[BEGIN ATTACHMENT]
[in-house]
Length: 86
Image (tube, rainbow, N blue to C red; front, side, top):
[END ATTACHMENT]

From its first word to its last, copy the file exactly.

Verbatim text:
[in-house]
Length: 86
Image (tube, rainbow, N blue to C red; front, side, top):